Wednesday, February 29, 2012

Rocky Road 100 Mile(13:14:44)

I’m sitting in bumper to bumper traffic on I-5 on my way through Los Angeles to get to Coto De Caza at 5p.m. on Friday….the day before the Rocky Road 100 Mile race. So, I decided to pull off the highway and go for a 20 minute jog at a neighborhood park in Pasadena to get the junk out of my legs from the long drive. As I was running, I was wondering if I should even be there. My wife had a 102 degree temperature along with a sinus infection and both of my children (Lauren, four years old, and Nathanael, six years old) are also sick. Moreover, I am completely on my own; no crew, no friends accompanying me on the trip. This usually spelled doom for a good race result. I have only gone alone to a 100 mile race twice and both times I didn’t make it past 40 miles.

This time around it felt different. I can attribute my new found confidence to the lessons learned from the experiences at my last two Tahoe Rim 100 Mile races(21:27 and (23:55).  They have given me the confidence and resolve to finish when every bone in my body said to stop. Also, I was running a race that suited the environment in which I trained. I live in the Central Valley of California (Modesto) with the emphasis on ‘Valley.’ For last few years, I have tried to run mountain hundreds with steep grades and at high elevations when my training dictated I run something flatter and at sea level. The Rocky Road 100 mile had rolling terrain and was run practically at sea level. This was ideal race to fit the training I had been doing. Also, I had no breaks in my training to heal injuries. I was focused, determined, and motivated. So much so, that I was up four to five days a week by myself at 4 a.m. to get many of my runs in. And that was with a very busy daily work schedule and family schedule. In addition, I ran more mileage and put more time on my feet than I had for any other hundreds I have ever run. I can attribute the rise in mileage and lack of muscle fatigue to Peter Defty. I changed my diet completely in December and went to an OFM diet while using Vespa during my training. This diet required me to cut out sugar, wheat, and white flour in my diet. This allowed my insulin levels to stay constant and helped me to burn fat in training, instead of glucose. And my energy levels weren’t on a roller coaster ride. I felt strong throughout most of my training runs.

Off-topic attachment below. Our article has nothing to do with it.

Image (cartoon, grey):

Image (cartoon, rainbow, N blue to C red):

Fast forward to race morning. I toe the line for the Rocky Road 100 mile in ideal weather conditions with uncertainty and a heavy heart. Was I in as good a shape as I thought? Would my stomach hold up? Would I be able to mentally get through the low points without help from a crew or family? Well, those questions would be answered very soon. Shortly after the gun went off a little after 6 a.m., the lead group separated themselves. The group contained the Southern California ultra legend Ben Hian, Nickademus Hollon (21 year old stud!), and myself. The plan was to stay with Ben for three loops, then determine whether to stay or go.